2. Hi Mike;

      that would already help me a lot, thanks in advanced.

  18. Hi michael..
    I also interested to grow coconut especially aromatic dwarf.
    But i'm finding difficulties to get aromatic coconut seedlings in my country..
    Is it possible for a foreigner to buy the coconut seedling from department of agriculture malaysia..?
    Thanks for you irnformation ^^

    Ps. Can i get your email address..?

    Warm regards

  19. Hi Xandra,

    Apologies for the late reply, I've been busy running a few projects of late.

    Anyway, to answer your question, you can import coconut seedlings from Malaysia, but the provision is that the exporting company (in this case, the nursery you will buying from) complies with all the phytosanitary requirements of both countries, i.e. Malaysia and your country. This does not merely mean having the right documents, but may include having the right fumigation and sanitation structures, quarantine buildings etc. You will need to check these requirements before you attempt to import the materials.

    However, as far as I know, DOA Malaysia is running short of planting materials themselves. Maybe you'd find better chances approaching Thai nurseries instead.

    My email is JMPonniah(at)

  20. Hi Bro Michael,

    May i know where could i go to purchase in bulk for pandan coconut..? Maybe with already process?


    1. This comment has been removed by the author.

  21. You could try contacting United Plantations Bhd in Teluk Intan, Perak. But they sell intact nuts, you will need to process them yourself. Or you can even ask them if they can suggest a processor nearby, one who already buys coconuts from them.

    Contact number: 05-6411411
    Ask for Mr. Kandha Sritharan, Research Department

    Alternativel, you can try Ambang Perintis, which is located in Rompin, Pahang.

    Contact number: 03 – 2095 1618

    1. Hi. I am from Ambang Perintis. Please do contact me at 0320951618 should you are interested in purchasing processed coconuts.

  22. Hi Michael,

    I wanted to buy Tacunan dwarf coconut seedlings. I stayed in Shah Alam do you have any nearby supplier for that variety? Kindly provide me contact as well.

    I hope to hear from you soon.

    1. Good day Rolly. Unfortunately, Tacunan dwarfs are considered as plant breeding materials here. So, the only places you will be able to find them would most likely be at the MARDI station in Serdang. However, I doubt the material will be readily available, because they will not purposefully produce seedlings unless there is an official request.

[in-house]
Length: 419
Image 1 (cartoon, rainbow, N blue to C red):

23. Additional Inquiry, Is it possible for Dates Palm to bear fruit in tropical country. I planted few dates palm and it's getting its about 3 feet high (trunk) I'm wondering if I put enough fertilizer will it bear fruit? What is the best fertilizer proportion to make it happen?

    I'm trying to find out if someone managed to make date bear fruit in tropical land.

    1. Yes, date palm can bear fruit in Malaysia. And yes, fertilizer application could help. But the real question is not if it will bear fruit. Instead, it should be what quality and how long does it take. From what I understand, most of the varieties take about 10-20 years before bearing fruit, and even then, will not produce fruit of the same quality as that from the Middle East. This is primarily due to the high humidity conditions in Malaysia; unless grown under cover, or in a very low humidity environment (maybe Perlis or Kuala Pilah, Negeri Sembilan), the fruit will not ripen properly.

  24. Hi Michael,
    I am Jasman from Medan Indonesia. I wanted to buy Camma, Mata, and Mawa dwarf coconut for tender.Do you have got any supplier that variety? Thank you very much.

    1. Good day Jasman. Right now, the technology owner is United Plantations Bhd. I would suggest that you contact them regarding the CAMMA and MATA. As for the MAWA, it has been phased out of production in favor of the MATAG.

  25. Hi Mike, Do you know the contact of the nurseries around Bukit Kayu Hitam. I'm interested to get the Pandan coconut seedling for about 4 acres land. Thanks

  26. hi Mike:
    where to find red dwarf and yellow dwarf coconut in west malaysia, Our company want purchase it in large quantity, at least 20,000 pieces.

  27. If possible could email me back at , because I cannot find youe email

    Thank you so much Mike

  28. Hi Michael J.
    Me G C Saha from Kedah.
    I am writing here to know the name of all coconut plantation or cultivating companies in Malaysia. Specially in northern part in Malaysia. Could u plz help me because it is very urgent for my PhD research.